3.Morady F, Harvey M, Kalbfleisch SJ, et al. Radiofrequency catheter ablation of ventricular tachycardia in patients with coronary artery disease. Circulation 1993;87:363-372.  Back to cited text no. 3      
4.William G.stevenson, MD; peter L,Friedman MD,PHD etal Radio frequency catheter ablation of Ventricular Tachycardia after Myocardial infarction. Circullation1998; 98:308.  Back to cited text no. 4      
5.Stevenson WG, Friedman PL, Sager PT et al. Exploring post infarction reentrant ventricular tachycardia with entrainment mapping. J Am Coll Cardiol 1997; 29:1180-1189.  Back to cited text no. 5      
6.Bella PD, Pappalardo A, Riva S, Tondo C, Fassini G, Trevisi N. Non-contact mapping to guide catheter ablation of untolerated ventricular tachycardia. Eur Heart J 2002; 23:742-752.  Back to cited text no. 6      
7.Kottkam PH, Wetzel U, Schirdewahn P, et al. Catheter Ablation of Ventricular Tachycardia in Remote Myocardial Infarction: J Cardiovasc Electrophysiol: 2003; 14:675-681.  Back to cited text no. 7      
8.Kalten Branner W, Cardial R, Dubue M, et al. Epicardial and endocardial mapping of ventricular tachycardia in patient with myocardial infarction: Is the origin of tachycardia always sub-endocardially located? Circulation 1991; 84:1058-1071.  Back to cited text no. 8      
9.Furniss S, Anil-Kumar R, Bourke JP, et al. Radiofrequency ablation of haemodynamically unstable ventricular tachycardia after myocardial infarction. Heart 2000; 84:648-652.   Back to cited text no. 9      
10.Morady F, Frank R, Kou W H, etal. Identification and catheter ablation of slow conduction in the reentrant circuit of ventricular tachycardia in humans. J Am Coll Cardiol 1988; 11:775-782.  Back to cited text no. 10      
11.Gonska B, Cao K, Schuamann A, et al. Catheter ablation of ventricular tachycardia in 136 patients with coronary artery disease: Results and long term follow up. J Am Coll Cardiol 1994; 24:1506-1514.  Back to cited text no. 11      
12.Kim YH,Sosa-Suarez G,Trouton TG, et al. Treatment of ventricular tachycardia by transcatheter radiofrequency ablation in patients with ischemic heart disease. Circulation 1994; 89:1094-1102.  Back to cited text no. 12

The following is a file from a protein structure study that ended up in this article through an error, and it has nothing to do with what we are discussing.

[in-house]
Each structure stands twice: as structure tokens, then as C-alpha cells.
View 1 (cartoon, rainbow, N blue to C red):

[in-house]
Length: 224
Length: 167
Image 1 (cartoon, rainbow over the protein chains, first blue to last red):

13.Strickberger SA, Man KC, Daoud EG, Et al. A prospective evaluation of Catheter ablation of ventricular tachycardia as adjuvant therapy in patients with coronary artery disease and an implantable cardioverter-defibrillator. Circulation 1997; 96:1525-1531.   Back to cited text no. 13      
14.Mitrani RD, Biblo LA, Carlson MD, Gatzpylis KA, et al. Multiple monomorphic ventricular tachycardia configurations predict failure of antiarrhythmic drug therapy guided by electrophysiologic study. J Am Coll Cardiol 1993; 22:1117-1122.  Back to cited text no. 14      
15.Schilling RJ, Peters N, Davies EW. Simultaneous endocardial mapping in the human left ventricle using non contact catheter: comparison of contact and reconstructed electrograms during sinus rhythm. Circulation 1998;98:887-898.  Back to cited text no. 15      
16.Bartlett TG, Mitchell R Freidman PL et al. Histologic evolution of radio frequency lesions in an old human myocardial infarct causing ventricular tachycardia. J Cardiovasc Electrophysiol 1995; 6:625-629.  Back to cited text no. 16      
17.Steven A, Rothman H, Henry H, et al. Radiofrequency Catheter ablation of post infarction ventricular tachycardia. Circulation 1997; 96:3499-3508.  Back to cited text no. 17      
18.DeBakker JMT, Corone lR, Tasserson S, et al. Ventricular tachycardia in the infarcted, Langendorff-perfused human heart: Role of the arrangement of surviving cardiac fibers. J Am Coll Cardiol 1990; 15:1594-1607.  Back to cited text no. 18      
19.Schilling R J, Davies DW, Peters NS. Characteristics of sinus rhythm electrograms at sites of ablation of ventricular tachycardia relative to all other sites: a non contact mapping study of the entire left ventricle. J Cardiovasc Elctrophysiol 1998; 9:921-933.  Back to cited text no. 19      
20.Schilling R J, Peters NS, Davies DW. Mapping and ablation of ventricular tachycardia with the aid of a non-contact mapping system. Heart 1999; 81:570-575.   Back to cited text no. 20      
21.Morady F, Kadish A, Rosenbeek S, et al. Concealed entrainment as a guide for catheter ablation of ventricular tachycardia in patients with prior myocardial infarction. J Am Coll Cardiol 1991; 17:678-689.  Back to cited text no. 21      


  [Figure 1], [Figure 2], [Figure 3]

  [Table 1], [Table 2]